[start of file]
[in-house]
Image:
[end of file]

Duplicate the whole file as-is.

[in-house]
Image: